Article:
TO SLEEP OR NOT TO SLEEP

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Eight months after all of India saw the ugly spectacle of the Delhi Police enforcing the full power of the state on Baba Ramdev’s supporters in the capital’s Ramlila Maidan, there is little to quibble with the Supreme Court’s primary finding that the police went overboard with “uncontrolled force”, that some of its teargas-shooting stick-wielding men members were negligent and others in “breach of their duty” just as the Baba and some of his followers were negligent themselves and in “breach of their legal and moral duty”. Both sides could have shown far more restraint, it could all have been handled far better and whatever the provocation the scenes of men in khakhi beating up women and the elderly certainly did not do our democracy proud.

Caught between a political Baba bent on pushing the line with verbal calisthenics and an edgy government that seemed to have had quite enough, were ordinary folk who thought they had turned out for a yoga camp but ended up being unwitting pawns in a larger political chess game.

So far so good, as far as the case itself is concerned, but the supporting judgment by Justice BS Chauhan about the right to sleep being a “fundamental right like a right to breathe, to eat, to drink, to blink, etc.” seems to have opened as many questions as the primary pronouncement has answered.

Without being flippant and with all due respect, let us consider the implications of this with a hypothetical example. In this case, the victims were a crowd of innocent, peaceful citizens being attacked by potbellied, crude beat-policemen; now imagine for a moment a case if a bunch of sleeping criminals on the run from the police are killed or captured in a surprise crack-of-dawn attack. If the right to sleep is a fundamental right, would it not be applicable still in such a raid? Is it too far-fetched to imagine the loud howls of protest that may then emanate about the violations of the basic human right to sleep?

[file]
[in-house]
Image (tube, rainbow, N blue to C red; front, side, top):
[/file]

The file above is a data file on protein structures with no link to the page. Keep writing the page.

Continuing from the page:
Perhaps, but even the best-intentioned legal actions can sometimes have unintended consequences. Indeed, Justice Chauhan in his pronouncement emphasised that sleep is a fundamental requirement “without which the existence of life itself would be in peril.” “To disturb sleep,” he elaborated, “therefore, would amount to torture which is now accepted as a violation of human right. It would be similar to a third degree method which at times is sought to be justified as a necessary police action to extract the truth out of an accused involved in heinous and cold- blooded crimes.”

That seems pretty clear-cut. And where does the judgment leave, for example, the weary army soldier on the border working long hours and being deprived of regular sleep during emergency operations? Or, for that matter, your average insomniac?

The American courts recently faced a similar dilemma about sleeping protesters in the case of the Occupy Wall Street protesters. What is more paramount: the need of the state to impose public order or the protestors’ freedom of expression, through the mode of sleep-in protests?

The American judicial record has been mixed: in a similar case in 1984, the US Supreme Court ruled against protesters petitioning to sleep overnight on Washington’s National Mall, arguing that the larger public good was paramount. In 2000, though, a federal court in New York ruled in favour of activists who argued they had the right to sleep overnight on sidewalks near the mayor’s home as a form of protest.

Sleeping is an essential biological necessity for everybody, a pleasure for some, a luxury for others but unless someone is in a torture chamber, is disturbing someone’s sleep really anything more than what it appears to be? Was the Deepak Chopra-like–pontification on the benefits of sleeping really so necessary?

Perhaps we should sleep over it.